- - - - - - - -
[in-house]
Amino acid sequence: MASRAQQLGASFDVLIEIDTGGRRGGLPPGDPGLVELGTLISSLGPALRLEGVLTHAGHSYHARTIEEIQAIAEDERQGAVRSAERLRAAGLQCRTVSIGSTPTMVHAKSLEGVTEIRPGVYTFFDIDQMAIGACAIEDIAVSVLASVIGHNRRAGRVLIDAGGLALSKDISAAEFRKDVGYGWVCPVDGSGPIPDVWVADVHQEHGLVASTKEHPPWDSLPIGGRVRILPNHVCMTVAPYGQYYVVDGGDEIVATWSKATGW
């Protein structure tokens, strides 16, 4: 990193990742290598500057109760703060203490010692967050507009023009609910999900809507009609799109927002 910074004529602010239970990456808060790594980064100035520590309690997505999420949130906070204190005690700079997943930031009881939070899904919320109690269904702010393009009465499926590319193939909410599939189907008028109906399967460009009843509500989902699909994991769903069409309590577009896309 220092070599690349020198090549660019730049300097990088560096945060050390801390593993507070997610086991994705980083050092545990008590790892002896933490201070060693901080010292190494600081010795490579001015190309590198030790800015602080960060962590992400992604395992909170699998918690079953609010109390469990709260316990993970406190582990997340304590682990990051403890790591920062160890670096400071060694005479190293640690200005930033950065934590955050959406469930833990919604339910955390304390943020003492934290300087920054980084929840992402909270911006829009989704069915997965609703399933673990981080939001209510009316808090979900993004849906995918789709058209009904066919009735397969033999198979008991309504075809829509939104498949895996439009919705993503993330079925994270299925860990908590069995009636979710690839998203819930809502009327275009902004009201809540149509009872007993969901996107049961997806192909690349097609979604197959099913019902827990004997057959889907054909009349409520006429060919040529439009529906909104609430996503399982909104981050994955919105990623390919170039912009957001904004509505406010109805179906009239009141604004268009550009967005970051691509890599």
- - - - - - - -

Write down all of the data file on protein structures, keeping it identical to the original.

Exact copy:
[in-house]
Amino acid sequence: MASRAQQLGASFDVLIEIDTGGRRGGLPPGDPGLVELGTLISSLGPALRLEGVLTHAGHSYHARTIEEIQAIAEDERQGAVRSAERLRAAGLQCRTVSIGSTPTMVHAKSLEGVTEIRPGVYTFFDIDQMAIGACAIEDIAVSVLASVIGHNRRAGRVLIDAGGLALSKDISAAEFRKDVGYGWVCPVDGSGPIPDVWVADVHQEHGLVASTKEHPPWDSLPIGGRVRILPNHVCMTVAPYGQYYVVDGGDEIVATWSKATGW
């Protein structure tokens, strides 16, 4: 990193990742290598500057109760703060203490010692967050507009023009609910999900809507009609799109927002 910074004529602010239970990456808060790594980064100035520590309690997505999420949130906070204190005690700079997943930031009881939070899904919320109690269904702010393009009465499926590319193939909410599939189907008028109906399967460009009843509500989902699909994991769903069409309590577009896309 220092070599690349020198090549660019730049300097990088560096945060050390801390593993507070997610086991994705980083050092545990008590790892002896933490201070060693901080010292190494600081010795490579001015190309590198030790800015602080960060962590992400992604395992909170699998918690079953609010109390469990709260316990993970406190582990997340304590682990990051403890790591920062160890670096400071060694005479190293640690200005930033950065934590955050959406469930833990919604339910955390304390943020003492934290300087920054980084929840992402909270911006829009989704069915997965609703399933673990981080939001209510009316808090979900993004849906995918789709058209009904066919009735397969033999198979008991309504075809829509939104498949895996439009919705993503993330079925994270299925860990908590069995009636979710690839998203819930809502009327275009902004009201809540149509009872007993969901996107049961997806192909690349097609979604197959099913019902827990004997057959889907054909009349409520006429060919040529439009529906909104609430996503399982909104981050994955919105990623390919170039912009957001904004509505406010109805179906009239009141604004268009550009967005970051691509890599």